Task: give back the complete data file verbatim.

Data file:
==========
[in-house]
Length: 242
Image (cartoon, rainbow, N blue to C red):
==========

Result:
[in-house]
Length: 242
Image (cartoon, rainbow, N blue to C red):